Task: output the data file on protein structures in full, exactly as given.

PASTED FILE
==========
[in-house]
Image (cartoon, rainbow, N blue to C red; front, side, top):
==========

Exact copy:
[in-house]
Image (cartoon, rainbow, N blue to C red; front, side, top):